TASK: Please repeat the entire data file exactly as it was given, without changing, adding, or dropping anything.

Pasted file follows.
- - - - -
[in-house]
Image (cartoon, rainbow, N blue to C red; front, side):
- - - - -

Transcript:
[in-house]
Image (cartoon, rainbow, N blue to C red; front, side):